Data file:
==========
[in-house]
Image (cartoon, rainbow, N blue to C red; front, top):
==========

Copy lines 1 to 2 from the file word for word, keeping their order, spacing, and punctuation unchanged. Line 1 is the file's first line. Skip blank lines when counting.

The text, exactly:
[in-house]
Image (cartoon, rainbow, N blue to C red; front, top):